Mr Ewing, the former rural affairs secretary, had much to say on the economy – the subject of tonight’s programme – but also raised other issues which will set him at odds with his party’s leadership.

Here are three key points from the show.

1. Mr Ewing said the Scottish Government would lose its legal battle with its UK counterparts over the Gender Recognition Reform Bill.

The legislation makes the process easier for a transgender person to obtain a gender recognition certificate (a document giving them legal recognition in their acquired gender). It removes the need for a medical diagnosis of gender dysphoria, shortens the period of time they need to live in their need gender and reduces the age threshold for applicants for a certificate from 18 to 16.

The bill was passed in Holyrood last December but stopped from becoming law by the Conservative Government which argued it was not compatible with equalities legislation across the UK (which eg gives women the right to single sex spaces such as toilets, hospital wards and changing rooms).

During the show Mr Ewing clearly departed from the party line by arguing the Scottish Government would lose the legal case.

“They’re going to lose the court [case] on gender recognition which has done nobody any good,” he told the programme.

2. He criticised the direction of Scottish Government policy while praising its leadership under Alex Salmond.

Mr Ewing made clear that he believed what he considered shortcomings in government policy weren’t just the fault of the Greens.

“Even the staunchest critic of the extremist Greens, like me, wouldn’t say that it’s all their fault,” he said.

“I do think that the Scottish Government should be supporting industry, we should be praising our brilliant sectors, in finance, in oil and gas for which we’ll need for decades to come, in renewables, in life sciences, in food and drink.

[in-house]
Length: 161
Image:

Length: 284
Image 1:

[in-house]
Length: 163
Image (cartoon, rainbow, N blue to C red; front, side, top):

“That’s what we used to do, if you don’t mind me saying so, when you were the boss. But instead of putting Scotland first, instead of putting our people first, we seem to be pursuing all sorts of weird and wonderful policies, the only thing they have in common is that they’re deeply unpopular, as well as in some cases being damaging to the economy.”

3. He suggested he was unlikely to take a less critical approach to key Scottish Government policies in future.

Mr Ewing faces being suspended from the SNP group by his colleagues at Holyrood next Wednesday.

However, rather than adopting a more conciliatory tone ahead of the crunch meeting the MSP stepped up his attack on the administration’s policies which he believes are having a damaging impact on business and Scotland’s economy. He suggested too that rather than being criticised for pointing out shortcomings of some of the policies, he should have thanked after a number of have been shelved.

“I’ve spoken out against policies which have been damaging to economic growth, for example the deposit return scheme which was uniformly opposed by businesses, the current madcap policy to impose heat pumps on inappropriate properties and the current plans to require law abiding, hard-working providers of bed and breakfasts and guest houses. who have done no harm to anybody for decades, to get a licence by October or become criminalised leading to thousands, thousands of them leaving the sector,” he said.

“Now I’ve spoken out and they’ve scrapped deposit return, they’ve scrapped highly protected marine areas…but the way I look at it is rather different. As my late father used to say “never do anyone a favour – they will never forgive you.”

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